I was using Audacity 2.0.3 for some time with no problems. More than a year ago, when an update was available, I upgraded to a newer version, but I noticed static and audio destruction happened when I recorded in the new version. I downgraded back to Audacity 2.0.3 and the problem went away.
This past month, I upgraded to 2.1.0. It took a while before I started to realize that occasional and unpredictable static (in the form of little pops like what you might hear on a vinyl record) had been developing here and there in my recordings. Also, occasionally I’d get audio corruption (for example, a few words would be destroyed by a high-pitch sound, and the waveform would reflect destruction).
Today, I upgraded to 2.1.1 to see if that would fix the static and audio corruption. After a few tests with a different microphone, I got the same issues.
So, I just downgraded back to 2.0.3. After some tests, the problem went away and I wasn’t able to trigger static or the audio corruption.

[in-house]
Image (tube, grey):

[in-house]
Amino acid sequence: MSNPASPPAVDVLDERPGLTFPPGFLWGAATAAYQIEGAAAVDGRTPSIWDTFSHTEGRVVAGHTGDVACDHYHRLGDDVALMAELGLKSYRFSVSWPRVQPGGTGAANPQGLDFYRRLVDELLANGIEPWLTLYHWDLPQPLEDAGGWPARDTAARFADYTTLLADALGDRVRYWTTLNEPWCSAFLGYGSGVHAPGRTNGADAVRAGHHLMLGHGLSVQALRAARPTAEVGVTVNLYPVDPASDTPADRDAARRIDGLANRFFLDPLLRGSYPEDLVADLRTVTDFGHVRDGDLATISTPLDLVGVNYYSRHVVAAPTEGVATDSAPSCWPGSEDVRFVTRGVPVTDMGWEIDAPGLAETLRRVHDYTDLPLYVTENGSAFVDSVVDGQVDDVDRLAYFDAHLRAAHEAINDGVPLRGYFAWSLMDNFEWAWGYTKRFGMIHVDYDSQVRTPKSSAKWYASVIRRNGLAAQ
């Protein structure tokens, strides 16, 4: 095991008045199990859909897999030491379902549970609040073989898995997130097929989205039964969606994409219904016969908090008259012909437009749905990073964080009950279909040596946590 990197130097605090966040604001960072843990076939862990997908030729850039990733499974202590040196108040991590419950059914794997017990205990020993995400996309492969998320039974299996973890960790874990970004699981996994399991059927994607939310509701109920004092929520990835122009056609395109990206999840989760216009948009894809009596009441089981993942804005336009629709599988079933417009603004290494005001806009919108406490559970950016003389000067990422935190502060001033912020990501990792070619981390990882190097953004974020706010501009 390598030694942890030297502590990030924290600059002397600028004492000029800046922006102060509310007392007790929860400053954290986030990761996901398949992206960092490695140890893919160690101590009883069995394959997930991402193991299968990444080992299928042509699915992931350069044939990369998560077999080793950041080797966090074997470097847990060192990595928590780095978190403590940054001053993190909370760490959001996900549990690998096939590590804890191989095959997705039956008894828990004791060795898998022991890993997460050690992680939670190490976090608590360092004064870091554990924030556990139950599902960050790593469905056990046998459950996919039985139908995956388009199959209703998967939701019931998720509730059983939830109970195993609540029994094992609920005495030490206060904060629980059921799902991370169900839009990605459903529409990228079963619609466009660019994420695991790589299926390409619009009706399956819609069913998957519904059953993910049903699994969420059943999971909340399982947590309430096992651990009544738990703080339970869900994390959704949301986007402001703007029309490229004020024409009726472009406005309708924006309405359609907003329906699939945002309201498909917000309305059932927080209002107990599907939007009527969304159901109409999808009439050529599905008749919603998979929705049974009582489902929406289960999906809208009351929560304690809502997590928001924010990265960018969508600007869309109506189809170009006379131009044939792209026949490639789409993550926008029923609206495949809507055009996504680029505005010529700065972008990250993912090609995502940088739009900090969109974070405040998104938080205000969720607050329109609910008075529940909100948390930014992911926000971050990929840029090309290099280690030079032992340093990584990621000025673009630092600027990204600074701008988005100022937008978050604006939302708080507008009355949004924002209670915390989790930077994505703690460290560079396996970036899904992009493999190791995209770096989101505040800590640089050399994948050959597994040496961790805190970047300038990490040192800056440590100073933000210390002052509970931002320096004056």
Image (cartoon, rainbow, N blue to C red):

I am using Mac OSX 10.10.5, with 2.2 GHz Intel Core i7, and 4 GB 1333 MHz DDR3.
I searched the forums, and I wasn’t able to locate any advice on the issue. I’m generally happy with 2.0.3, though I long a little bit to have a more recent update for Audacity. Any input or thoughts on my issue are much appreciated.
In Audacity 2.1.1, reducing the “Audio to buffer” setting in “Audacity menu > Preferences > Recording”. The default setting is 100 ms. A smaller setting may solve the “static” problem, so try decreasing it a little at a time and test for a “sweet spot” setting (too small and the problem will probably be worse).
I’m a bit surprised that it works set to 0, but if it is, then no need to change it. The default setting is 100. Modern Mac computers seem to like values less than 100. If the problem reoccurs, try tweaking that setting.
These cases are often reported to record on 0 milliseconds, probably because it is relative to a misreported PortAudio input latency that is higher than it really is. Some users cannot set it higher than 10 milliseconds, so my suggestion is to set it to 0 and work up from there.